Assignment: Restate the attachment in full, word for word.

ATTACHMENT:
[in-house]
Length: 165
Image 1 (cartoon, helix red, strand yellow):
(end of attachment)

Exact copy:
[in-house]
Length: 165
Image 1 (cartoon, helix red, strand yellow):